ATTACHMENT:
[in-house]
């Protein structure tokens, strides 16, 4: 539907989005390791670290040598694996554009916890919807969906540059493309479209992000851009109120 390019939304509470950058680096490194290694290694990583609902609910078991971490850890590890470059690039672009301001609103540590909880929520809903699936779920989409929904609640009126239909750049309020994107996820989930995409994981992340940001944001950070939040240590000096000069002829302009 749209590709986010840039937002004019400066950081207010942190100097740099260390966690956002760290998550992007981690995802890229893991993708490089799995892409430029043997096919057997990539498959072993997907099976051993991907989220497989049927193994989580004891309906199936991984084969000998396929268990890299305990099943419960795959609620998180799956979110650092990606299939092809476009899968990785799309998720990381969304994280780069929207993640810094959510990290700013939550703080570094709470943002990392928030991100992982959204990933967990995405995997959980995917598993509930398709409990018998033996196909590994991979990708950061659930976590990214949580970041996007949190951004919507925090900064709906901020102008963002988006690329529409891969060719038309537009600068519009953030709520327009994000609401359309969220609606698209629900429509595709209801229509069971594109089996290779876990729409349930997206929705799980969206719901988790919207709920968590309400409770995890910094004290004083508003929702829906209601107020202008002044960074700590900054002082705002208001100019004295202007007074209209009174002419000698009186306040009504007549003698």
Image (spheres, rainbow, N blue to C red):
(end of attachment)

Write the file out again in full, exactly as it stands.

[in-house]
């Protein structure tokens, strides 16, 4: 539907989005390791670290040598694996554009916890919807969906540059493309479209992000851009109120 390019939304509470950058680096490194290694290694990583609902609910078991971490850890590890470059690039672009301001609103540590909880929520809903699936779920989409929904609640009126239909750049309020994107996820989930995409994981992340940001944001950070939040240590000096000069002829302009 749209590709986010840039937002004019400066950081207010942190100097740099260390966690956002760290998550992007981690995802890229893991993708490089799995892409430029043997096919057997990539498959072993997907099976051993991907989220497989049927193994989580004891309906199936991984084969000998396929268990890299305990099943419960795959609620998180799956979110650092990606299939092809476009899968990785799309998720990381969304994280780069929207993640810094959510990290700013939550703080570094709470943002990392928030991100992982959204990933967990995405995997959980995917598993509930398709409990018998033996196909590994991979990708950061659930976590990214949580970041996007949190951004919507925090900064709906901020102008963002988006690329529409891969060719038309537009600068519009953030709520327009994000609401359309969220609606698209629900429509595709209801229509069971594109089996290779876990729409349930997206929705799980969206719901988790919207709920968590309400409770995890910094004290004083508003929702829906209601107020202008002044960074700590900054002082705002208001100019004295202007007074209209009174002419000698009186306040009504007549003698």
Image (spheres, rainbow, N blue to C red):